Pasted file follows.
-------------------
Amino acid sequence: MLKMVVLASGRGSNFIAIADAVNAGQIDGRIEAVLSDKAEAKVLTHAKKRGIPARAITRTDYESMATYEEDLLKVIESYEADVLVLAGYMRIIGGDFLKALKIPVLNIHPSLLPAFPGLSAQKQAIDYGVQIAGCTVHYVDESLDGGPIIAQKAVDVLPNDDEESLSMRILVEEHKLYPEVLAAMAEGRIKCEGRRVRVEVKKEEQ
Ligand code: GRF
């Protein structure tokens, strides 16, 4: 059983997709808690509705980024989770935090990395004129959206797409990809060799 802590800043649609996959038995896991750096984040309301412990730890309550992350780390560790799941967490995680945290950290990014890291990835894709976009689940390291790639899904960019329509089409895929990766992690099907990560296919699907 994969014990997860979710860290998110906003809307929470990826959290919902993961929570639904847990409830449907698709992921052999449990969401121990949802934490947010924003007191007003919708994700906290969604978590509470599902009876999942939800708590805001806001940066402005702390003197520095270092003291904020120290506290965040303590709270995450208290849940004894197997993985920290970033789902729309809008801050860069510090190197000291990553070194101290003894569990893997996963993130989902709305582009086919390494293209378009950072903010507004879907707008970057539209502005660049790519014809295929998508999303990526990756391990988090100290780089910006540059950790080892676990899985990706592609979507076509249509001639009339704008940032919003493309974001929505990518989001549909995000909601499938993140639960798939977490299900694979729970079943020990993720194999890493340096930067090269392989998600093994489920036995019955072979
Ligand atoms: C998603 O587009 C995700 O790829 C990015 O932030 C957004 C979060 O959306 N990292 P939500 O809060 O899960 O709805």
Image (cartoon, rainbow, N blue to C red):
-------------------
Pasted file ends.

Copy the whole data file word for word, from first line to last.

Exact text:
Amino acid sequence: MLKMVVLASGRGSNFIAIADAVNAGQIDGRIEAVLSDKAEAKVLTHAKKRGIPARAITRTDYESMATYEEDLLKVIESYEADVLVLAGYMRIIGGDFLKALKIPVLNIHPSLLPAFPGLSAQKQAIDYGVQIAGCTVHYVDESLDGGPIIAQKAVDVLPNDDEESLSMRILVEEHKLYPEVLAAMAEGRIKCEGRRVRVEVKKEEQ
Ligand code: GRF
């Protein structure tokens, strides 16, 4: 059983997709808690509705980024989770935090990395004129959206797409990809060799 802590800043649609996959038995896991750096984040309301412990730890309550992350780390560790799941967490995680945290950290990014890291990835894709976009689940390291790639899904960019329509089409895929990766992690099907990560296919699907 994969014990997860979710860290998110906003809307929470990826959290919902993961929570639904847990409830449907698709992921052999449990969401121990949802934490947010924003007191007003919708994700906290969604978590509470599902009876999942939800708590805001806001940066402005702390003197520095270092003291904020120290506290965040303590709270995450208290849940004894197997993985920290970033789902729309809008801050860069510090190197000291990553070194101290003894569990893997996963993130989902709305582009086919390494293209378009950072903010507004879907707008970057539209502005660049790519014809295929998508999303990526990756391990988090100290780089910006540059950790080892676990899985990706592609979507076509249509001639009339704008940032919003493309974001929505990518989001549909995000909601499938993140639960798939977490299900694979729970079943020990993720194999890493340096930067090269392989998600093994489920036995019955072979
Ligand atoms: C998603 O587009 C995700 O790829 C990015 O932030 C957004 C979060 O959306 N990292 P939500 O809060 O899960 O709805």
Image (cartoon, rainbow, N blue to C red):